classifying life ("primitiveness")

Ken Kinman kinman at HOTMAIL.COM
Thu Apr 20 05:45:34 CDT 2000

     Not much time, so this will have to be relatively  brief (which will be
a relief to some, as I admittedly do rant on too long sometimes).
     For anyone who has not yet done so, I recommend reading the 1995 paper
by Stanley Miller and Antonio Lazcano ("The Origin of Life---Did It Occur at
High Temperatures?") in the Journal of Molecular Evolution (Vol.
41:689-692).  I don't agree with everything they say, but they certainly get
across the point about how little we really know about the conditions on
Earth when life originated.  I think it is entirely plausible that the Earth
could have been a patchwork of large cold areas broken up by hot areas, with
clines of mesophilic areas in between.  We just don't know, although
eventually we probably will find evidence that narrows the possibilities.
     As for inferring thermophilic or non-thermophilic origins from sequence
data, I suspect we are still at the "toddler" stage on that front.  I think
Woese has convinced many (including himself) that we are a lot further along
than we really are, and the extent to which circular reasoning is affecting
our theories at present will probably amaze us a decade or two down the
road.  Therefore I try not to get too attached to any particular line of
evidence or pattern of reasoning.
     But the totality of the present evidence convinces me that it took
"life" up to a billion years to evolve the ability to cope with thermophilic
environments.  And although Woese's contributions were very important back
in the 1970's, I believe his undue influence in the 80's and 90's (while
many good ideas by others have been relatively ignored) has probably done a
lot more harm than good (in a number of different ways).  But science won't
be able to evaluate that any time soon.  In the meantime, I advise a very
skeptical attitude when it comes to today's prokaryotic trees.  I predict
that correctly rooted trees of the future will not have thermophiles (like
Aquifex, Thermotoga, or the Metabacteria-"Archaebacteria") anywhere near the
base.  But only time will tell.
                  Happy Holiday weekend, Ken Kinman
>From: "B. J. Tindall" <bti at DSMZ.DE>
>Reply-To: "B. J. Tindall" <bti at DSMZ.DE>
>Subject: Re: classifying life ("primitiveness")
>Date: Thu, 20 Apr 2000 10:34:53 +0200
>In reply to Ken:
>Lot of food for thought - but:
>I would suggest that the basis for placing thermophiles early in the
>development/evolution of life comes from geological inferences. However,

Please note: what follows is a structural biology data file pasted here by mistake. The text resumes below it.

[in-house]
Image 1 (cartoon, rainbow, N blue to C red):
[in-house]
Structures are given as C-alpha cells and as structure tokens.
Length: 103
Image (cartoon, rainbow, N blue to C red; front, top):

>this has been coupled to sequence data, and it is at this point where there
>seem to be potential differences in what one reads. On the one hand
>thermophiles are "ancient", on the other hand some of them do not show
>great divergence at the 16S rDNA sequence similarity level, so they are
>slowly evolving. In other cases "deeply rooting branches" are taken to be
>ancient, while highly 16S rDNA sequence divergent taxa are variously either
>"ancient" or "rapidly evolving". I confess I have problems here with
>determining evolutionary rate without a reliable fossil record (for
>prokaryotes). Again I can pull out of the hat a number of either ancient or
>rapidly evolving genera which have since been fragmented into several
>genera. Kind of makes me wonder, or is this just "molecular" progress?
>Do I detect a dichotomy in your thinking. Firstly you state:
> >Anyway, trying to couple geological age and rank of a taxon is
> >obviously futile.  I'm tempted to discussing anagensis and the vast
> >differences in molecular "clocks" in different taxa and at different
> >but that is another "can of worms".
>Which I won't agrue with, but then you state:
> >Suffice it to say that I personally
> >believe cyanobacteria generally have the slowest molecular clocks of any
> >form of life still extant.
>and I wonder how you conclude that, given my comments further up. Sorry,
>this is just an open question, and yes I do see the case for autotrophs in
>the early history of life, but I also see the case for thermophiles in the
>thermophilic environments, and having worked with alkaliphiles for years I
>also appreciate the theory that early seas may have been alkaline etc.
>(lots of theory in all cases, no proof??). However, I base my
>acceptance/rejection on the theory of the early Earth, not on the study of
>modern day organisms (someone will try to strangle me for that comment!).
>Just as a side line, the presence of bacteriochorophyll seems to be more
>common in the Proteobacteria than the literature would indicate - I guess
>genome analysis will also pick this up.
>Your comment on cell membranes is interesting. Having spent a long time
>doing chemotaxonomy I certainly see certain patterns, but I also see a
>fantastic diversity, which standard reference works do not convey
>correctly. The diversity is such that I have not been able to find one
>single lipid which is common to all "prokaryotes". Of course this is also
>reflected in the genetics of the organisms, but if you take a look at total
>genome sequences you won't find much data on the genes simply because they
>are probably located in the section allocated to "unknown function". It is
>not hard to explain why either.
>Oh well enogh for today - and a Happy Easter to all of you on Taxacom, and
>especially to Ken who is so tolerant of me asking yet more questions.
>* Dr.B.J.Tindall      E-MAIL bti at                           *
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